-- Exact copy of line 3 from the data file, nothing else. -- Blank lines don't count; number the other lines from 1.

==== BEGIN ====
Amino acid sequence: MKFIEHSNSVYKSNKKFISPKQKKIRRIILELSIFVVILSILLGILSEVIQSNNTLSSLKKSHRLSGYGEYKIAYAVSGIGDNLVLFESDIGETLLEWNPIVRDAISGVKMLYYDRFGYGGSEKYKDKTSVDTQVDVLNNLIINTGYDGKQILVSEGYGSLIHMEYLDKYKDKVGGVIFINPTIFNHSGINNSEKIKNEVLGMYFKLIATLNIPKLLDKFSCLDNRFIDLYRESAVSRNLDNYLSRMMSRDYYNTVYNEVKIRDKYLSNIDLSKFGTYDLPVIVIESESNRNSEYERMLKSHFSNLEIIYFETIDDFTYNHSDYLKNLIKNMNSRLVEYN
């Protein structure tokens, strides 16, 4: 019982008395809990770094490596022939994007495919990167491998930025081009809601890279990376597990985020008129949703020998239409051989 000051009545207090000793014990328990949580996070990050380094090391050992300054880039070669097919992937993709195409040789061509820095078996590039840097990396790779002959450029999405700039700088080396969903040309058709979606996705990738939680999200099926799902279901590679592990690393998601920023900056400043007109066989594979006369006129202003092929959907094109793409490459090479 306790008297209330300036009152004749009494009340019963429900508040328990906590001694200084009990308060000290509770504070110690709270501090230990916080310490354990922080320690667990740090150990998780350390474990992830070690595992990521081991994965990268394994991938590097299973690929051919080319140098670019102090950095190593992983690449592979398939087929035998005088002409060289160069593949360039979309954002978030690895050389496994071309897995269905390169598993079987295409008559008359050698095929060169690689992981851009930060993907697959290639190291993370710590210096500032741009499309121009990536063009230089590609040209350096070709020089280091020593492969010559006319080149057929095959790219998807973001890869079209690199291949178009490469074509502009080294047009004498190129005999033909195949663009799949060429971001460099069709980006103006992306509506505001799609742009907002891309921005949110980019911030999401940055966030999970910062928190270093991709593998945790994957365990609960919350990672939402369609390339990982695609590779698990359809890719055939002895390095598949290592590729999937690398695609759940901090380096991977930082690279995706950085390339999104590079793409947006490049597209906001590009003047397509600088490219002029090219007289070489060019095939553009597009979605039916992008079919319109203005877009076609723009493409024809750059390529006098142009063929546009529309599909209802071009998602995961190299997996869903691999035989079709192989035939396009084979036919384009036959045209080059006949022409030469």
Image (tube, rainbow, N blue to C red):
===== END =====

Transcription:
Image (tube, rainbow, N blue to C red):